Crime Library: Criminal Minds and Methods

Murder in Umbria: The Murder of Meredith Kercher

Blaming the Black Man: Patrick Diya Lumumba

Police brought Amanda and Raffaele in for questioning several times over the next few days. They asked Amanda about a text exchange between her and her boss, Patrick Diya Lumumba.

Patrick Lumumba
Patrick Lumumba

While too young to legally drink in the U.S., Amanda had been able to get a job in Perugia at a bar. Patrick Lumumba, 44, owns and runs Le Chic, a small bar near the university, and doubtlessly figured the outgoing and attractive Amanda would be a positive addition to his staff.

Lumumba met Knox's roommate Meredith at the bar that October when she saw a Polish vodka and told him that she could make mojitos—normally made with limes, sugar, mint and rum—with it; he invited her back to do so.

Lumumba sent Knox a text on November 1 telling her she didn't have to come in that night because the bar was nearly empty and he didn't expect business to pick up. She replied, "See you later." Just as it is in English, "See you later" is an Italian idiom. It doesn't always indicate a real plan; sometimes it's just a sign-off. Furthermore, Knox's team asserts that the police records' paraphrase of this text message left out the important final phrase that Amanda typed: "Good night."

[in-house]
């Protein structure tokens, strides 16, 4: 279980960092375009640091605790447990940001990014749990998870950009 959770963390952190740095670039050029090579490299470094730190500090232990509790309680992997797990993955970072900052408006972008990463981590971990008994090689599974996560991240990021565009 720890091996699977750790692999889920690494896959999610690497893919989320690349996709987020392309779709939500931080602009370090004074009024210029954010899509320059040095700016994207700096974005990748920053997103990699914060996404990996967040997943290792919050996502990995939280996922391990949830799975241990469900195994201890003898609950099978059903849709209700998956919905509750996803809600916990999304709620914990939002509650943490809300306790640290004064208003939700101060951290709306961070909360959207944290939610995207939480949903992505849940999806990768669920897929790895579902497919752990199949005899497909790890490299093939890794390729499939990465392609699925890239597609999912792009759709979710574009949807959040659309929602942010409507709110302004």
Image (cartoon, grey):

When police probed further, Amanda blamed Patrick for the killing. Anna Donnino, a police interpreter, testified that Amanda seemed relieved when she finally changed her story to say that she was home and had heard Meredith's screams as Patrick attacked her. Amanda claimed Patrick was infatuated with Meredith; he maintained he had met the English girl only a handful of times.

Knox told police that she had met up with Patrick at a neighborhood basketball court the evening of the murder, and that they had gone together to the cottage around 9:00 p.m. She said that Patrick and Meredith had soon retired to Meredith's bedroom, and that she later had heard Meredith screaming, in response to which, Knox maintained, she had only plugged her ears. If this version is true, she apparently had forgotten all about it by the next morning, and didn't connect it to the blood-soaked apartment. Police arrested Amanda that night, in view of her inconsistent statements.

Lumumba was arrested the next day, but was quickly able to prove he'd spent the evening in his bar, and was released on November 20, 2007, for lack of any evidence corroborating Knox's account. He later sued the police for 516,000 euros in damage for false imprisonment (approximately $670,000 at the time). On March 16, 2009, an Italian court awarded Patrick 8,000 euros ($10,500). He's now suing Amanda for defamation.

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